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June 12, 2008
Petey turns around once and then stretches out in his accustomed spot: along the chapel wall right by the entrance, where he can monitor attendance. He is the convent dog; as such, he dresses more or less as the sisters do, in black with a white collar. He seems never to miss a service. A most devout dog, Petey.

At meals he works the room, strolling from diner to diner to collect neck rubs and chin strokes. He would dearly love to collect a bite of everyone's dinner on these forays, but all are strictly enjoined never to feed Petey from the table. The kitchen trash can is hard to find here, until somebody points silently to it, stationed high up on a shelf and whispers "The Dog." Oh, you nod. Understood. Petey simply cannot be trusted.

I'm a regular churchgoer who cannot be trusted, too, I guess. Certainly I attend plenty of church services. Certainly I pray and ponder and try enough, but somehow I always fall back into the very things from which I pray release. My strange combination of workaholism and sloth. My irrational gluttony -- not that there's any other kind of gluttony, I suppose: you wouldn't have rational gluttony. So aware that a power greater than myself can and must deliver me from these demons -- if I am to be delivered at all -- I seem unable, again and again, to allow it to do so. I cling instead to behaviors that have proven disastrous many times in my past.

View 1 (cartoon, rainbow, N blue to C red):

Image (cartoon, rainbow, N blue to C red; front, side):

Petey manages his willfulness by surrounding himself with structures that don't allow it to have its way with him. Well, he doesn't do it on his own, of course; his sisters do it for him, putting the trash can up high where he can't reach it, offering a pat instead of a nibble. They are willing to deny him a momentary kindness in order to give him a long life, a gift I have a hard time giving myself.

A retreat is a time when a person can afford to think of such things. Can't afford not to, maybe. Even if one is leading the retreat, there are still long stretches of silence in which there is nobody to confront but oneself. Whatever it takes to begin a painful conversation with the self -- however many times it has happened before -- is a good thing indeed. And having failed before, however many times, is absolutely no reason not to try again.
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